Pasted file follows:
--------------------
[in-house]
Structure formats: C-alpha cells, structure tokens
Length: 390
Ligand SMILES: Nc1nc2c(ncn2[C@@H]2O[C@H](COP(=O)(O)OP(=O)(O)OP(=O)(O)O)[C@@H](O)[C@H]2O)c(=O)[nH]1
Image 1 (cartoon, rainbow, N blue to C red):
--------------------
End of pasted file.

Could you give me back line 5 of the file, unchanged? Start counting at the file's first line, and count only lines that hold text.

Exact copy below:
Image 1 (cartoon, rainbow, N blue to C red):